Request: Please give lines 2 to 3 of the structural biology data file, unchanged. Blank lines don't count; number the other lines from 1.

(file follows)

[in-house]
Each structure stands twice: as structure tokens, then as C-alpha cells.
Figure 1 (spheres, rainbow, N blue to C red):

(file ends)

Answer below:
Each structure stands twice: as structure tokens, then as C-alpha cells.
Figure 1 (spheres, rainbow, N blue to C red):